Edible usesThere are no edible uses listed for Salix amygdaloides.
A light brown dye is obtained from the bark. The young stems are very flexible and can be used in basket making. The plant is usually coppiced annually when grown for basket making, though it is possible to coppice it every two years if thick poles are required as uprights. The tenacious root system of this tree makes it very useful for preventing soil erosion along the banks of rivers etc. It is also a good pioneer species, readily invading any cleared-out area if there is sufficient moisture. It is short-lived and not very shade tolerant and so, having provided good conditions for other woodland trees to become established, it is eventually out-competed by them[K].Wood - light, close-grained, soft, weak. It weighs 28lb per cubic foot. It is sometimes cut for timber which is used for fence posts, but its uses are mainly limited to charcoal and firewood.
A decoction of the branch tips has been used as a soak for treating cramps in the legs and feet.The fresh bark of all members of this genus contains salicin, which probably decomposes into salicylic acid (closely related to aspirin) in the human body. This is used as an anodyne and febrifuge.
Cuttings of mature wood of the current year's growth, November to February in a sheltered outdoor bed or planted straight into their permanent position and given a good weed-suppressing mulch. Very easy. Plant into their permanent positions in the autumn.Cuttings of half-ripe wood, June to August in a frame. Very easy.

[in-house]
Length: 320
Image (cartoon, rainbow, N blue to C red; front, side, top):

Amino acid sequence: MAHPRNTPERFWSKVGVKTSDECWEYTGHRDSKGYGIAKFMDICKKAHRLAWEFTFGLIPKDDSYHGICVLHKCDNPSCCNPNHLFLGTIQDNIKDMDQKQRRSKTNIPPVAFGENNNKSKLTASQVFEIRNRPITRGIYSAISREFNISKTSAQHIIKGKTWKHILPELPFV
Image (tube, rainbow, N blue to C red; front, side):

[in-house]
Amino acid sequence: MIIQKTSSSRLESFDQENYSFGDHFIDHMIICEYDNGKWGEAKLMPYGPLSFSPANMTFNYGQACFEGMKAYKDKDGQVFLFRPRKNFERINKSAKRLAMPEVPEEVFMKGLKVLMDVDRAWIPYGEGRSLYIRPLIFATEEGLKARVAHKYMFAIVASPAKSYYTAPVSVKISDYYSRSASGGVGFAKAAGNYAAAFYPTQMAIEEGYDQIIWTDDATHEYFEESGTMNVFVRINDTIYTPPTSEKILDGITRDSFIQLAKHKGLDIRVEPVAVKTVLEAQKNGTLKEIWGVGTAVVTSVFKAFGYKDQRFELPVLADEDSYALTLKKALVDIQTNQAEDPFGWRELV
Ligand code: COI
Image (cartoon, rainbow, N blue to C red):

Practical Plants is currently lacking information on propagation instructions of Salix amygdaloides. Help us fill in the blanks! Edit this page to add your knowledge.
A fast-growing but relatively short-lived species in the wild. A good bee plant, providing an early source of nectar. Trees are impatient of root disturbance and should be moved regularly before being planted in their permanent positions, which is best done whilst the plants are young. The root system is rather aggressive and can cause problems with drains. Hybridizes freely with other members of this genus. Although the flowers are produced in catkins early in the year, they are pollinated by bees and other insects rather than by the wind. Plants in this genus are notably susceptible to honey fungus.Dioecious. Male and female plants must be grown if seed is required.
Problems, pests & diseases
Associations & Interactions
There are no interactions listed for Salix amygdaloides. Do you know of an interaction that should be listed here? to add it.
Polycultures & Guilds
There are no polycultures listed which include Salix amygdaloides.
This table shows all the data stored for this plant.
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